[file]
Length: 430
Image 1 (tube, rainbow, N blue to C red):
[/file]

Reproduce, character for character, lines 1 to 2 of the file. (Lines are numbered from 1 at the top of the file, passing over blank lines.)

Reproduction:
Length: 430
Image 1 (tube, rainbow, N blue to C red):